You have to wonder how many members of the artworld could point to Pittsfield, Massachusetts on a map before the Berkshire Museum announced in July that it would be auctioning 40 artworks from its permanent collection. The institution planned to use the estimated $60 million raised from the sale at Sotheby’s to fund renovations and boost the endowment—a clear-cut violation of industry guidelines around deaccessioning.
The sale brought condemnation from across the artworld, with the American Alliance of Museums and the Association of Art Museum Directors calling for a halt to the sale that would almost certainly see works by
, and the other greats slated to be sold leave the public trust and enter private collections. Other observers, including the editorial board of the Boston Globe
, argued the sale should be allowed to go ahead. For its part, the museum asserted it needed the funds to plug a financial hole and that it was pivoting away from fine art—recasting itself as a science and technology focused institution.
The lawsuits came flying. A group of Rockwell descendants sued to halt the sale, as did members of the museum, alleging the trustees were violating their fiduciary duty by auctioning the work. Those suits were dismissed on November 7th with a judge finding the plaintiffs didn’t have standing to bring the case. (The suit brought by the Berkshire Museum members has since been appealed.) A last minute intervention from the Massachusetts Attorney General’s Office (AGO) staved off the sale of the works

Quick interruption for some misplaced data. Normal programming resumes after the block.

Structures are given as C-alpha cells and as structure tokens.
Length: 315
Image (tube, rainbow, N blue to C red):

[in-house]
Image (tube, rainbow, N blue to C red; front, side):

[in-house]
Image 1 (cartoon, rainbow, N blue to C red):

, with an appellate justice ruling on November 10th that the Sotheby’s auction could not proceed so the suit could be adjudicated. A wide-reaching investigation into the museum by the AGO is ongoing.
Why it Matters:
However the suit ultimately turns out, its impact on the museum community is already massive. If the Berkshire Museum is allowed to sell, it could make it more difficult to prevent other museums from selling works in their collections to cover operating costs in the future. But even if the museum does win, the protracted, bitter, public, and ultimately embarrassing lawsuits—including the intervention of the AGO—means that institutions from Maine to California will think of what happened in Pittsfield before ever deaccessioning an artwork in violation of industry guidelines in the future.